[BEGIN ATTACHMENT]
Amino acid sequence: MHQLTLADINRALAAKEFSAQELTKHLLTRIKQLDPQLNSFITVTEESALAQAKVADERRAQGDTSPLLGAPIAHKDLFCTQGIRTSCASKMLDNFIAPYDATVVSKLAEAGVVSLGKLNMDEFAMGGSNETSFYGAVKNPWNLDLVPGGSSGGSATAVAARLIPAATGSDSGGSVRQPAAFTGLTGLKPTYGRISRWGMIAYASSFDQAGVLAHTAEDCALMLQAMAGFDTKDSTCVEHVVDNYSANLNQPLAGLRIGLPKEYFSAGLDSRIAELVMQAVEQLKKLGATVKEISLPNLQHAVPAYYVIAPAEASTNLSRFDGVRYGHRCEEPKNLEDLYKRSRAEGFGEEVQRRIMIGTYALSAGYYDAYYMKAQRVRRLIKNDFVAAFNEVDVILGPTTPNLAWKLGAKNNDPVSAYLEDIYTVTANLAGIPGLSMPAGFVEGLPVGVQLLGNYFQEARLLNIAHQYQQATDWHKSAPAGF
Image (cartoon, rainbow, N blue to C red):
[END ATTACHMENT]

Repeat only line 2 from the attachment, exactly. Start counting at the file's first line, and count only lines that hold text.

Image (cartoon, rainbow, N blue to C red):